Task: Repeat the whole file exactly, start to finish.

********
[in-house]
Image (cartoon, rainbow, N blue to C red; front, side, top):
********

[in-house]
Image (cartoon, rainbow, N blue to C red; front, side, top):